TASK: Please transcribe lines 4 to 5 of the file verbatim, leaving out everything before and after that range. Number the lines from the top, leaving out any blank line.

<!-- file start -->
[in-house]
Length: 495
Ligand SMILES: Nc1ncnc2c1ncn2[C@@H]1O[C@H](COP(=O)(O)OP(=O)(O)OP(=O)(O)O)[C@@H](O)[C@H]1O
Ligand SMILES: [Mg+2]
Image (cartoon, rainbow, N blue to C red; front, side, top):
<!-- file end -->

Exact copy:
Ligand SMILES: [Mg+2]
Image (cartoon, rainbow, N blue to C red; front, side, top):